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Arch Environ Health. 1987 Mar-Apr;42(2):92-5.

Assessment of lead toxicity in traffic controllers of Alexandria, Egypt, road intersections.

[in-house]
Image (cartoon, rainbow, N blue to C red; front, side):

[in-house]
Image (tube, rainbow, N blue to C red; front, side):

Blood lead level (BPbL) was determined in forty-five traffic controllers working on Alexandria road intersections. Central nervous system dysfunction in the subjects studied was investigated by means of performance tests. Biochemical indicators related to lead exposure such as delta-aminolevulinic acid dehydratase and hemoglobin in their blood were also determined. Results indicated that most of the subjects studied have a comparably high BPbL. They also showed significantly poorer performance scores than that obtained in a previous study with a group of textile workers of the same age and educational levels. The mean of the BPbL in the traffic controllers was found to be 68.28 +/- 13.22 micrograms/dl. This is a very high level compared to an acceptable level of 30.00 micrograms/dl. All neurobehavioral symptoms demonstrated in the traffic controllers could be attributed to a high level of lead exposure.

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